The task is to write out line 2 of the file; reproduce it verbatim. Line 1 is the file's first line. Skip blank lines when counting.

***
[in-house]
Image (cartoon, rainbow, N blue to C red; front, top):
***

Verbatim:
Image (cartoon, rainbow, N blue to C red; front, top):